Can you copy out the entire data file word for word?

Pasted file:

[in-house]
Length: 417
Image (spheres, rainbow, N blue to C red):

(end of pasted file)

[in-house]
Length: 417
Image (spheres, rainbow, N blue to C red):